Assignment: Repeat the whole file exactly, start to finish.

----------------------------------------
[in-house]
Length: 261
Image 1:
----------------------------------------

[in-house]
Length: 261
Image 1: